Two months ago in Virginia, a Navy sailor and bronze star recipient entered a plea agreement in response to charges of bank fraud and aggravated identity theft. According to reports, Senior Chief Clayton Pressley III stole the personal information of two subordinates and then used that information to secure loans amounting to $24,000.
Such stories are unfortunately becoming more common and they are alarming. While many cases include scams that target private business with hopes of gaining access to tax forms, credit information, medical records, etc., this story is particularly eye-opening because it deals with direct theft from a superior. The workplace holds a lot of personal employee information that is vulnerable to being stolen, but we don’t usually worry about our boss stealing it. This reminds us that personal information is vulnerable to foul play from persons both known and unknown.
As this account emphasizes, it is important not only to try to prevent identity theft but also to be informed on how to properly address the theft once it has already occurred because you may not be able to prevent it from happening at some point in your life. Current technologies, and the degree to which we rely on them daily, continue to offer an increasing number of ways for thieves to gain access to our personal information, whether it be your boss or colleague at work stealing records on file, or a hacker from overseas exploiting a security vulnerability in a third party app you use.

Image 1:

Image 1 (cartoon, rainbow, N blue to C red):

The increase of identity theft is influencing a response from lawmakers. Congress has passed the Fair and Accurate Credit Transaction Act and the Fair Credit Reporting Act, both meant to protect the sensitive information of consumers and employees. However, regardless of these laws, it remains important to check your bank accounts regularly to spot foul play
When you are the victim of credit fraud or identity theft, it helps to be informed on the proper steps to take to minimize damage to your credit and financial loss. We can assist you in this process – contact us if you have any questions about identity theft or credit fraud.